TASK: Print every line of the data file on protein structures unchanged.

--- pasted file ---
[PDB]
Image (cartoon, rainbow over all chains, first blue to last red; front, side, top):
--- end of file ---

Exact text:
[PDB]
Image (cartoon, rainbow over all chains, first blue to last red; front, side, top):